Political preference

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I try to stay away from politics here--those kinds of conversations are best held in person--but I think this is important, so please bear with me. I promise that this post will not impose my beliefs on you, but it may change who you vote for in a couple of weeks.

I strongly urge all of you that read this to go visit Glassbooth and take the quiz. It's pretty easy--first you rate the topics that are most important to you, and then you are presented with a quiz on all topics, with more questions about the topics that are important to you, rating them on a scale of 1-5. When you're finished, it will compare your answers to those of the 5 "major" candidates (Barr, McCain, McKinney, Nader, and Obama).

The answer may surprise you. I strongly urge you to vote for who your beliefs most line up with, and not who the media crams down your throat, even if it's not one of the major two parties. If you live in Illinois, your vote is going to Obama, so if it's different, why not mark a vote in protest of our system?

If enough people start voting against the two major parties, we may see more of a push to switch the way our country votes. With modern technology (note, I'm not necessarily advocating e-voting--especially not as it stands today), we have the ability to easily support ranked choice voting, which helps make those alternate party votes count. There are many cities in the US that are already using this process for local elections (mayor, city council, etc.). The state of North Carolina is using it for it's general assembly. If enough places do this successfully, there could be a significant push to do it for national elections, perhaps Congress at first.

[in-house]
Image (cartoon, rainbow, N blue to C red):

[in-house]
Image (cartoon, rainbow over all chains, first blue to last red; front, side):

All of this to say, regardless of who's name is on your presidential ballot, please make sure you do vote--it keeps this country running. If you don't vote, don't complain about the outcome.

1 Comment

The quiz is great - I think the ranking of topics that are more important to you personally is key, since a lot of other online quizzes are geared more toward a broad assumption that you equally weigh all of the issues (which isn't true in real life).

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This page contains a single entry by Marc published on October 15, 2008 12:04 PM.

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